LASER LIGHT UNCOVERS ANCIENT EGYPTIAN WALL PAINTINGS

Near the Valley of the Kings in Egypt, at the tomb of Neferhotep, a high-ranking official and senior scribe, thousands of years of soot and pollution blackened the wall paintings, hieroglyphs and reliefs at this site beyond recognition. Uncovering these culturally significant works of art is a painstaking process. Even hand cleaning can prove unsuitable due to the fragile wall surface. This work requires highly skilled and knowledgeable conservationist. They must use extreme care to remove soil built-up over the millennia while preserving the delicate underlying paint and limestone surface.

In a project supported by the Gerda Henkel Foundation, three conservators from Cologne, Susanne Brinkmann, Birte Graue and Christina Verbeek, tested various methods for cleaning these challenging surfaces. Their work was done in collaboration with other conservationists, scientists, and Egyptologists. The result- they choose the latest technology to preserve the artwork in this ancient tomb.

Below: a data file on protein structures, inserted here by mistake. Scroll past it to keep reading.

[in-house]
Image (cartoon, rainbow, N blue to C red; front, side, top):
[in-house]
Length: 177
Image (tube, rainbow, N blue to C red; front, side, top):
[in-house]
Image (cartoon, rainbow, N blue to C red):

Here, for the first time ever, the use of laser cleaning was permitted by the Egyptian Supreme Council of Antiquities. Laser cleaning is a non-contact media-free process that proved particularly successful for removing firmly attached dirt and soot from fragile surfaces. These unique features enabled the conservation team to pioneering a new cleaning method using a portable handheld laser system.

Now, after more than 3000 years, the ornate wall paintings in this ancient tomb can be seen again thanks to skilled conservationist and cleanLASER technology, Neferhotep’s burial site is the largest private tomb in the Theban Necropolis, which consists of approximately 800 graves of magistrates and priests.

Further information and video of this project can be found here.